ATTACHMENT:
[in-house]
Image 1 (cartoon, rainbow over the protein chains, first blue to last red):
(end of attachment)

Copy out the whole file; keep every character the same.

[in-house]
Image 1 (cartoon, rainbow over the protein chains, first blue to last red):